I have several of these 12v and 24v relays from Amazon.
ANMBEST Relay Module with Optocoupler High/Low Level Trigger for Arduino (24V Relay 2 Channel)
They all act the same. I have 12v going to COM1. I have the 5v from the arduino going to D+ and the arduino ground going to D- and my output pin to IN1.
When I write HIGH output to IN1 in my code, the red light comes on, when I send LOW to that pin it goes off. But the relay never sends the 12v through the relay, the circuit side always remains open.
I have tried the jumper on high and low trigger, it reverses when the red light comes on and off, but the 12v circuit is never connected.
My actual voltage with my meter on the D+ from the arduino and on my pin output when HIGH pushed to it is 4.74 volts.
So the default closed circuit is always closed, and the default open circuit is always open. Since I see the red light change when I trigger it, it appears I am properly communicating to the relay. So what am I doing wrong? I have read other posts but could not determine my problem from them,
Hard to read, especially when upside down. But your relays appear the REQUIRE 24 volts on the coil for the relay to operate. You did not mention using 24 volt relays or relay modules.
Looks like the relay coil is 24v.
We need to see a schematic showing the Arduino too.
We need a link to the module.
I have tried with the 12v one and the 24volts one. I will go back and retest with the 12v one again. So they have to have 12v on the coil side? I was planning on one to connect a ground through the arduino code, so that will not work. I was hoping the would just complete the circuit so I could use one to open and close a ground wire in the ignition system. I have a 24v magnet I need the 24v one for, and several 12v circuits. Do you know what I could use to open and close a ground wire?
We really need a link to the module.
A relay that says 12v on the case means the coil needs a 12v supply to operate.
Depending on the circuit, you might not be able to use the Arduino to control the module.
A transistor might be need as an interface between the Arduino and the module.
Looks like you are using the wrong type of relay...
Yellow arrow points to the coil voltage - that is 24v (not 5v... which is what you need).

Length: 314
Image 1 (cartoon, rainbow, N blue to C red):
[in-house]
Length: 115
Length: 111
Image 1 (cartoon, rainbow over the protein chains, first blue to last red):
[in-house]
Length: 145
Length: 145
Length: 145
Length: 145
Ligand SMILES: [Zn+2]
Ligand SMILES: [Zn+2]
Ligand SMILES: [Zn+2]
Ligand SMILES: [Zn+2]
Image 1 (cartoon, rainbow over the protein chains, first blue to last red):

Red block show what can be switched.
you cant use arduino to power a 12v or 24v relay directly. you need to interface it with a transistor, the signal from your arduino will go to the base of the transistor. or just buy a 5v relay instead.
Here us my 12v one, same issue.
Red Wire -> 5 v from Arduino to D+
Black Wire -> Ground from Arduino to D- (Green light on relay comes on)
Green Wire -> S1 to pin 8 on Arduino. I write to it with this pin with digitalWrite(8, HIGH);
White Wire -> COM1 to + side of 12 volt battery
Yellow Wire -> NO1 to plus side of multi meter
Negative side of multi miter to negative side of battery.
The red light on the relay board responds to changing pin8 from high to low. Green wire goes from 0v to 5v (4.74) so the arduino is working and sending 5v when I toggle it.
The volt meter remains on 0, NO1 is the default open and when 5 volts is applied to S1 the circuit is suppose to close I thought.
If I move the Yellow wire to NC1 that is a default of closed, then the volt meters stays a 12.4 volts, so it never opens and drops it to 0.
The jumper in the picture is for high input but I tried on low also.
Yes... because it is not a 5V relay, it is a 12V one.
You either need to use a 5V relay, or you need a transistor or similar to trigger the 12v/24v relays that you have.
This will not work.
And for reference do not connect 12v to D+ when the Arduino is connected to IN1
OK I finally see what you are saying, these require 12 or 24 v to flip the relay, and the relay can handle a lot more current. So I need them one that triggers on 5v. So they sold me the wrong stuff, these are not for Arduino because it will never output more then 5 v. Thanks for beating this into my head.
The relay coils need this supply to be able to energize.
You can use an inexpensive transistor/opto isolator between the Arduino and the module to get the module to work.
When you have a 5v module we still do not recommend you use the Arduino 5v power supply to energize the relay coil.
But please we need to see the link to the relay module.
There is the possibility you can use an Arduino to control the optocoupler and 12/24v to energize the coil.
I do not have a link to any schematics or details, and for $8 I can have some 5v ones here tomorrow. Do not plan to make it more complicated, call these other ones a $13 learning experience.
Not a helpful answer.
Firstly, an Arduino does not "power" anything in any case.
This module - as with all relay "modules" contains the transistor for controlling the relay. It also contains an optocoupler. If you find a power supply to match the coil voltage, you can most certainly use it with an Arduino in either of two different ways, thought there are a few tricks to the connections.
Perhaps you should not interject if you do not understand the problem.
His answer with the other ones were helpful and helped me solve my problem. I assumed the 12v or 24v was the load side, not the trigger side. I got my 5v TRIGGER relays and it works great. I think he fully understood the problem but did not dumb it down enough for me to realize it right away.
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